• In 1 Corinthians 7:3-5, Paul presents a view of marriage – of sex in marriage – that is contrasts starkly with the views he presents in Ephesians 5:22-33. In 1 Corinthians 7, Paul presents sexual relations in marriage as entirely egalitarian and mutual. There is no sense here of a hierarchy of status or even of a differentiation of roles. Instead, there is simply a loving, mutual self-giving of one to the other. Egalitarian marriage.

I’m not arguing here that the Bible narrative advances gender equity. Far from it – the Bible was written by patriarchs in a patriarchal world, and is full of patriarchy. But I am arguing that the Bible equally presents God’s view of humanity as endorsing gender equity. At very least, we must admit that the Bible is not unequivocally in support of patriarchy.

And when we combine this fracture in the patriarchal edifice, even if only a tiny fault line, with the person of Jesus, and his ministry among the women and men of his day, the church must stand up to and against patriarchy. Patriarchy is a social evil that harms the life of the majority of humanity: all women, all children and (arguably) all men. We are all held captive to patriarchy, with some of us (mostly us men) benefiting at the expense of women. This cannot be. This is not the image of the Kingdom of God presented by Jesus Christ.

I call on all of us, but especially men, to do four things:

  1. Be transformed by the renewing of your mind. Then you will be able to test and approve what God’s will is—his good, pleasing and perfect will” (Romans 12:2). We have to start with our own minds, which have been taught patriarchal ways of viewing the world and ourselves since infancy. Let us be transformed, so that we can perceive God’s will more clearly. Let us challenge the deeply engrained patriarchal patterns of thinking.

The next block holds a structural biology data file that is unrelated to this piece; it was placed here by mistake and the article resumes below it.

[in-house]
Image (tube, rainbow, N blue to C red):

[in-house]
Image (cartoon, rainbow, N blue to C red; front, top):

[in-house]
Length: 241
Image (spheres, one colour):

2. We need to speak out against patriarchal talk and behaviour. Let us not be silent. Let us not turn our eyes away. Let us speak up for truth and love, for gender equality and for the full dignity and worth of both women and men.
  3. We need to challenge the misuse of Scripture, which draws on handfuls of texts that bolster the culture norms of our society, but are not aligned with the Kingdom values that Christ presents in his teachings and ministry. Scripture has problematic passages, to be sure, but the overriding thread that runs throughout Scripture, and that is our key to making sense of the Bible, is God’s extravagant love for humanity, revealed through creation and the life of Christ.
  4. We need to stand, unequivocally and unflinchingly, with the victims of gender-based violence. For too long, the church has stood with the perpetrators. We see this particularly in the Roman Catholic church, for example, in Pope Francis’ protection of Bishop Juan Barros in Chile, and his later apology to the victims of Bishop Karadima. But let those of us who are not Catholic, not be complacent and point fingers. Child sexual abuse and sexual harassment of women manifests in all churches, including, for example, the Church of England and Willow Creek. The church – you and me – must stand with those who are violated and abused. That is what Christ did, repeatedly. We can do no less.

In the midst of the #MeToo movement, the Church should and must stand up to and against patriarchy, and for the voice of those who have been disempowered and silenced. This was the role that Christ Jesus took up during his brief time on earth. It is the role that his mother gave voice to in her great Magnificat. And it is the role that the church, and all its individual members, must continue today.

A Little Faith

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While there are people who have oodles of faith, many of us have a frail, faltering, fractured faith. I’m one of these people. As a young Christian, I berated myself for being faithless, and envied those who seemed to have waterfalls of faith. As I got older, I clung to Matthew 17: 20, where Jesus says, “Truly I tell you, if you have faith as small as a mustard seed, you can say to this mountain, ‘Move from here to there,’ and it will move. Nothing will be impossible for you.” While large faith is wonderful – God bless those of you who have lots of faith – a little faith is fine.